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An investigation into voltage control approaches on an example distribution feeder to increase PV penetration

Lu, Pengcheng (2015) An investigation into voltage control approaches on an example distribution feeder to increase PV penetration. Honours thesis, Murdoch University.

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Solar power has become an increasing electricity resource in Australia’s electrical energy in recent years. The increase is due to the decrease in the cost of solar Photovoltaic (PV) systems and incentives provided by the Federal Government’s “Renewable Energy Target” scheme to offset carbon emissions. The existing electrical grid infrastructure was not originally designed to face high penetration levels of PV systems, so the growing embedded PV penetration levels has aroused various technical challenges and one of the key challenges is voltage rise. In order to provide methods to reduce technical barriers for achieving high penetration levels in Australian electricity networks, several approaches are studied in this report. The methods are studied with respect to prosumer (the combination of producer and consumer) aspect, utility aspect and a combination of these two aspects. The simulations were carried out using DIgSILENT PowerFactory software. Where possible, all designs and specifications are undertaken in accordance and in compliance with relevant standards and Western Power requirements and guidelines.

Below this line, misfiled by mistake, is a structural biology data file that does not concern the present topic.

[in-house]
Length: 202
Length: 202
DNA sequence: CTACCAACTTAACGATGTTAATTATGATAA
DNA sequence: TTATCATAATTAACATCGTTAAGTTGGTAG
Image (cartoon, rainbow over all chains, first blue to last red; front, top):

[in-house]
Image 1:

Three prosumers’ methods which can be implemented in individual inverters are studied in chapter 6. They can be used to keep the voltage within the defined limits when the PV generation is 5kW/house, which is its assumed maximum value. But these technologies need to be upgraded to be more effective since the PV generation keeps climbing in Australian distribution networks. The utilities’ methods with additional devices implemented in the network are discussed in chapter 7. These control methods can effectively and efficiently control the voltage rise problem but one disadvantage is that they are all expensive and are not economically viable options. The combination of utilities’ method and prosumers’ method are introduced in this report as well.

A recommendation for future studies that could be a continuation of this topic is provided at the end of the thesis report.

Publication Type: Thesis (Honours)
Murdoch Affiliation: School of Engineering and Information Technology
Supervisor: Calais, Martina and Carter, Craig
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